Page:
Saturday, April 30, 2016

Elk Hunt Bear Wrangler

I was talking to a friend, I ride out at his ranch, and he started telling stories about being a guide on elk hunts in the Rockies.

They'd go in on horseback, set up camp in the mountains and then hunt for elk. My friend's job was to make sure the horses were all online. He liked it well enough because he loved horses and the wilderness, but sometimes they didn't just get elk, they got bears.

Millionaire Socialist Taken by a Bear

A bear would attack out of the forest and have to be shot, either you or the bear. When that happened, they'd clean the bear and put the skin on a pack horse. No easy thing, because the horses didn't like having a bearskin on them. The trick of it, apparently, was to get them used to the smell of the bear. And so they rode out, bear, elk and whatever else, through the mountains.

"I didn't know you were a bear wrangler, old chap," I remarked over a beaker of vintage port at the club. "Well I was," said my friend, sipping an ice tea because of his Baptist nature, "Yes indeed. Some of these boys that'd come out to shoot elk were from Dallas and not too fit. In fact they were pretty fat, which comes from sitting behind a desk all day and no exercise. And they'd get up there and have a heart attack. Honest to God, every year it's a deal, elk hunters getting a heart attack."

Chastened by reference to lack of exercise, I arranged for a ride next week and, to be honest, I'd like little better than a week or so's go at it in the Rockies. Bear and all.

Your Old Buddy,



LL said...

Horses don't like hauling dead deer or elk any better than bear. You sometimes need to blindfold them while loading and it's always a good idea to rub their noses in the blood of the dead animal.

As much as being fat, there is the altitude. When you push it at 10,000 ft., it's different than pushing it at sea level. A man has to know his limitations, or have the budget to arrive two or three weeks early and ease into the altitude. The air is very dry and you must drink A LOT of water and gatorade or you get dehydration sickness and it's a horrible thing - truly painful. It comes on you, weakens you and you can end up in the hospital with an IV. I've seen it many times. It can be cured by water but people don't think to drink enough.

Sometimes you get the bear (with your back-up .460V) or sometimes the bear gets you. But the horses will bolt, leaving you afoot long before the bear gets you. Horses REALLY don't like live bears.

LSP said...

My friend talked about the blood/nose thing and I have to say, I'd want to train up for a bit before an expedition like that. Big adventure though, at least for me.

The .460V makes a lot of sense, too, even though there's no bears where I live. But maybe they'll start migrating south from the Red River border and get as far as Austin, and stay there. Good result.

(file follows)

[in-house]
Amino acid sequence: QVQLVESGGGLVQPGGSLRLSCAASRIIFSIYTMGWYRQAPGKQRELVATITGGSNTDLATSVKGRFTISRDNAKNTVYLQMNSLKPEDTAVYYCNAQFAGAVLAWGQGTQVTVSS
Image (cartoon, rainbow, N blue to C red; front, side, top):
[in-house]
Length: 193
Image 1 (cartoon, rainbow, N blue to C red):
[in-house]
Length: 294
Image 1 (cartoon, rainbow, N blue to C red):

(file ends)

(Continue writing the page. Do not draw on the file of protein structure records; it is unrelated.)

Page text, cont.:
LL said...

When I grew up, we had as many as 10 horses at the same time but we only used two Morgans to haul deer or elk. Any of them could, but the Morgans did a better job. A large bull elk is too big for a horse, which is why they quarter them in the photos. Deer are not much of a problem for a horse, except that the horse doesn't like it. I've done that a number of times but never encountered a bear or a predator. Elk season comes before deer season in that part of the world (Deer 3rd/4th week in October) and they are mule deer, not little white tail. A bull elk is as big or bigger than a quarter horse. Our Morgans were larger than a quarter horse but we only used them to carry quartered elk in bags on a pack frame.

I haven't done that for quite some time now since I spent most of my life hunting people. But I started out with deer and elk, which don't shoot back. I migrated from high powered smokeless powder weapons to primitive black powder weapons simply because it make the hunt much more interesting.

Mattexian said...

Dehydration can hit at sea level too, or the ER techs just like sticking me for an IV of saline. (Helps pad the bill, ya know?)

My uncle kept his NuMex deer hunting license after retiring from the Army, and he'd pack along two rucks, ferrying them one at a time over a mile, then back for the other. Lots more hiking than I'd want for a hunt.

Fredd said...

Back in my early 30's, and just out of the military and in arguably the best shape of my life, I was enlisted to help one of my buddie's haul an elk he had just shot out of an Oregon ravine. It's a law that you have to shoot elk in the most inaccessible and God awful terrain possible.

I humped elk shanks and other huge hunks of meat up a 200ft cliff, and by the time it was all over, me and three other guys had got all the meat up from this ravine, we were looking at the hide. All 200 pounds of it or so. My buddy said whoever wanted it could haul it up.

We were all so gassed, we just left it there. Elks are big animals. Or as The Donald would say, 'yooge.' I think about that elk hide often over the years, and if I had had just a bit more gumption at the time, how it would have looked on the floor of my den.

LSP said...

To be honest, LL, I'd simply welcome the opportunity to get out in the mountains with horses, though the hunt would be quite a thing too -- of course I'd have to watch out for the heart attack... get in shape, LSP...

LSP said...

Interesting you should say that, Mattexian. One of our church people was just struck down by dehydration in College Station (he was doing an 18 miler with the Aggie Cadets). It's never happened to me, fortunately.

LSP said...

Too bad you missed the hide, Fredd! Come to think of it, a bear skin would be good too. Hot seeming in Texas though.